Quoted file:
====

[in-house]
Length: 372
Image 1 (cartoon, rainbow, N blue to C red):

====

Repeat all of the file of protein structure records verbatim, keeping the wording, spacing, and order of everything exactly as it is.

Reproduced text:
[in-house]
Length: 372
Image 1 (cartoon, rainbow, N blue to C red):